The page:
Many Payson teens are becoming addicted to drugs or are pregnant, and though not necessarily related, resources are available for prevention or help if trouble strikes.
A breakout of teenagers taking prescription pills this year worried local authorities.
Most of the problems occur with middle schoolers, Payson Police Chief Don Engler has said.
More teens abuse prescription drugs than methamphetamines, cocaine and heroin combined, according to the National Survey on Drug Use and Health.
Law enforcement officials emphasize that parents should lock up their pills so kids don’t have access.
According to the 2008 Arizona Youth Survey, the number of high school seniors in Gila County who reported using methamphetamines in the past month was roughly 2 percent.
However, some say those figures severely underestimate the problem because teens don’t always tell the truth, and those afflicted with addiction tend to be difficult to find, and consequently, to survey.
Meth is more prevalent in small towns. Children aged 12 to 14 are 104 percent more likely to use methamphetamine than those who live in larger cities, according to the Gila County Meth Coalition.
For treatment options, the Meth Coalition advises that people contact Southwest Behavioral Health Services Rim Guidance at (928) 474-3303, or Payson Regional Medical Center at (928) 474-3222.
In 2007, teenage moms accounted for 15 percent of all births in Payson, according to the Arizona Department of Health and Human Services. And although the same number of students had sex from 2003 to 2007, fewer are using protection, according to the Arizona Youth Risk Behavior Survey.
Several resources are available.
Through the county public health nurse and New Beginnings Pregnancy Center, which promotes abstinence and is faith-based, teens can receive information.
Lucinda Campbell, a public health nurse with the Gila County Division of Health and Community Services in Payson, offers information and testing for both sexually for teens over 15.
Through a well baby program, moms of certain income levels can bring their children in every two months for shots and checkups to ensure the child is developing correctly.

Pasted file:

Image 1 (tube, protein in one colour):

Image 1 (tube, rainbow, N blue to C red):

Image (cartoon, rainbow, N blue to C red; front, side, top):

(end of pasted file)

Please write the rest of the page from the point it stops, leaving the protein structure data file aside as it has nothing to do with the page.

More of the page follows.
New Beginnings Pregnancy Center has a sexual integrity program, which allows teenagers to go with or without their parents and learn about the consequences of early sexual involvement.
At the center, expectant mothers can earn “mommy money” for diapers, strollers, or baby clothes, which people have donated. File cabinets store information on everything from relieving morning sickness, to babies and the law.
Teens can also earn fake money for completing lessons through the sexual integrity program. Instead of diapers, girls can earn certificates for manicures or for movie tickets. Information is available about STDs and “the truth about birth control,” which Director Michele DeRouin said is that it doesn’t always work.
DeRouin said her average client is between 17 and 19 years old. Campbell said she sees mainly seniors in high school.
The best age to talk with kids about sex is in the fifth grade, DeRouin said, because parents hold more sway with younger children. As kids enter adolescence, they listen to their peers more, she said.
Campbell said empowerment is important. In Payson, she said kids do a, “I’ll tell everyone you have herpes,” if one is mad at the other.
“If you’re friend is telling you (that) you have herpes, they’re not much of a friend,” Campbell says she tells them.
Yet, she says, “we’ve got a generation of savvy parents” — parents who are bringing their kids in to see Campbell for information.
Both DeRouin and Campbell say information is key in prevention.